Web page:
Minnehaha Creek, a ramble through history and language—and 34th Avenue road reconstruction


If you live anywhere between Gray’s Bay Dam on Lake Minnetonka and the spot where Minnehaha Creek flows into the Mississippi River, you probably live in the Minnehaha Creek watershed and have heard of the Minnehaha Creek Watershed District, a governmental body charged with managing the resources within and protecting the watershed. The MCWD, established in 1967, is responsible for 178 square miles that drain into Minnehaha Creek and ultimately the Mississippi River. The watershed includes Minnehaha Creek, Lake Minnetonka, the Minneapolis Chain of Lakes and Minnehaha Falls. There are eight major creeks, 129 lakes and thousands of wetlands within the MCWD. The MCWD also includes all or part of 27 cities and two townships in Hennepin and Carver counties.

Managing the watershed mainly involves us white people learning to be less destructive of this environment our ancestors flat out stole from the ancestors of our Dakota neighbors, friends, and in some cases, relatives. We can learn how to be less destructive by following the surprisingly modest “suggestions” from the MCWD (condensed). Only where our city has chosen to transform these into ordinances do you run the slightest risk of penalties if you don’t do these things, but if you are human and not an invading space alien actively trying to destroy the planet, you should do them.

1. Mow often, letting grass clippings stay on the lawn as a natural fertilizer. Keep fallen leaves out of gutters or ditches.

2. Plant an extra tree, wildflowers and grasses, or other natural landscape. Dig up no more ground than necessary for any project.

3. Point downspouts to flower beds or lawns where water can soak into the ground, or use a rain barrel.

4. Use lawn and garden chemicals carefully and sparingly if at all. Reduce the use of hazardous products to those you can’t do without. Dispose of properly. Use salt sparingly in winter.

5. Collect motor oil and engine coolant for recycling. Keep cars tuned and in good operating condition. Store fuels and other chemicals carefully.

6. Use car wash facilities because their wastewater goes into the sewer for treatment.

7. Clean up pet wastes immediately to keep it out of lakes and streams.

There are many ways to enjoy the creek and other resources managed by the MCWD. One is to paddle downstream from the source of Minnehaha Creek in a kayak or canoe—European explorers did just the opposite, they paddled upstream from the falls to find the source. You can access more information about this modern-day route and see how to tell when conditions are best at this link: http://www.minnehahacreek.org/explore/canoe-minnehaha-creek.

Along this route are many spots with a story to tell, stories about history or language. Less than a half mile east of the intersection of East 34th and Minnehaha Parkway is the most well-known spot of all along the creek—Minnehaha Falls. As late as the 1930s, there was an “Auto Tourist Camp” all around the falls, as this was still not part of the city of Minneapolis. Families would drive from all over the state to park in the lot and erect the family tent somewhere near the falls for a holiday weekend of splashing in the creek, playing impromptu softball games, or outdoor cooking and dining.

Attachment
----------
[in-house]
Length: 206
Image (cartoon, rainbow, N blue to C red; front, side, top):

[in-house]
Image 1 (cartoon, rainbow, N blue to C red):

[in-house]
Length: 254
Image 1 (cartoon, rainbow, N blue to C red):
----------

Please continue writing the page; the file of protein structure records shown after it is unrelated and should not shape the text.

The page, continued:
In researching this area, and in thinking about the recent re-naming of former Lake Calhoun to its much better name, Bde Maka Ska(Dakota for White Earth Lake, which was what the Dakota who lived in the camp on its shores called it), I got very interested in Dakota as well as Ojibwe names for South Minneapolis and other local landscape features. I discovered (and bought) an excellent book by Dakota scholar, poet and author Gwen Westerman (yes, she was related to Floyd “Red Crow”) and Bruce M. White. The book is “Mni Sota Makoce: The Land of the Dakota” and you can read a lengthy excerpt in Google Books at https://bit.ly/2I2jfYu.

The Dakota’s main creation myth (like all ethnic/spiritual groups, they have several but one which is most central) is that the Dakota people either landed from the Milky Way, which they called Canku Wanagi (literally, Spirit Road), or were created from mud by the Creator. In any case, the section of Dakota who lived in or near present-day Minneapolis believed that their origin was in the area called Bdote Mni Sota, which is quite close to Minnehaha Falls. Bdote (sometimes spelled Mdote, and of which Mendota is a corruption) means “mouth” as in a river mouth or where two watercourses flow together. Mni Sota, obviously the origin of the river and state name, combines mni (water), with sota (reflecting the sky). The Bdote area, besides the actual confluence of the Minnesota and Mississippi Rivers, encompasses Mni Sni (Coldwater Creek) and Oheyawahi (Pilot Knob.) As the authors of Mni Sota Makoce state: “In this place, the Dakota people flourished … Our winter camps became villages, and we became the people of the Oceti Sakowin, the Seven Council Fires.”